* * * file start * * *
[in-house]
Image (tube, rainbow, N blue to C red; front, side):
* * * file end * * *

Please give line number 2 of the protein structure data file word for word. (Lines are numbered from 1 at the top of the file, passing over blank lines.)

Image (tube, rainbow, N blue to C red; front, side):